Letters

Letters to the editor dated December 8, 2020

| Updated on December 08, 2020 Published on December 08, 2020

Farmers’ bandh call

With reference to the report on farmers’ Bharat Bandh eliciting wide support from parties and NGOs (December 8), the government needs to respond urgently as the protest is receiving wide political support and unless some genuine grievances exist farmers do not indulge in protests. The fact that certain political parties support the agitation cannot be a reason for ignoring it. It is thus justified if a response from the government is made to prevent the continuation of the agitation and a just examination of the demands behind it.

TR Anandan

Coimbatore

UK vaccine rollout

The UK has begun giving the first doses of the world’s first approved Covid-19 vaccine — the Pfizer/BioNtech — to care home residents and staff, frontline health workers and people aged over 80. The start of the mass vaccination programme is glad tidings against the backdrop of over 67.5 million cases of infection and 1.55 million casualties worldwide. It is a milestone moment after an unprecedentedly tough year; it marks the beginning of the end of the Covid scourge.

The vaccine is administered in two shots, three weeks apart. Developed without cutting the corners in 10 months’ time, the vaccine is a triumph of science and a tribute to human ingenuity.

As a side note, it is now speculated that the availability of a vaccine could trigger what is called “vaccine tourism” to the UK. The mass vaccination programme with the Pfizer jab in the UK could provide some pointers on how to go about the vaccination programmes in the rest of the world. Several vaccines are in the pipeline; it is now only a matter of time before they are rolled out. We can expect their rollout in the near future.

Prime Minister Narendra Modi has expressed the confidence that India will have access to vaccines in a few weeks. Even so, till ‘herd immunity’ is secured by mass vaccination, all of us have to guard against complacency.

G David Milton

Maruthancode (TN)

Honey matters

With reference to the editorial ‘Stinging facts’ (December 8), it will not be an exaggeration to say that the report from the Centre for Science and Environment on honey is shocking — all the top brands barring Saffola have failed the sample test. Now, after these results, top brands like Dabur have started giving advertisements contrary to that, claiming that their product is safe and pure. But the damage is already done. Given that honey consumption has increased in these pandemic times as it is seen as an immunity booster, it is vital to have proper checks and balance in place to stop adulteration. India needs to raise its standards in testing but, at the same time, it has to handhold many small companies who have ventured into bee-keeping.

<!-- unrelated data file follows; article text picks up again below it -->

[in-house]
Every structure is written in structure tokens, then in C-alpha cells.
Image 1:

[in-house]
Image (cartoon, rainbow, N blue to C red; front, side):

Bal Govind

Noida

Apropos the editorial ‘Stinging facts’, the role of Food Security and Standards Authority of India (FSSAI) must also be questioned about its way of testing the purity in honey manufactured and marketed by branded Indian companies. While it cleared them, only three of the 13 companies’ product met the requirements of Nuclear Magnetic Resonance (NMR, a test globally used for quality testing) — as reported by the CSE.

FSSAI’s failure to detect the impurity or to allow it as permissible raises questions. It is interesting to note that it made the use of NMR compulsory only for export of honey from August 2020.

As for manufacturers, some of them continue to vouch for the quality of their honey through expensive advertisements quoting FSSAI clearance. The business of consumer food products calls for higher ethical standards. Rising sales must make corporates more responsible.

YG Chouksey

Pune

LETTERS TO THE EDITOR Send your letters by email to bleditor@thehindu.co.in or by post to ‘Letters to the Editor’, The Hindu Business Line, Kasturi Buildings, 859-860, Anna Salai, Chennai 600002.

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Published on December 08, 2020
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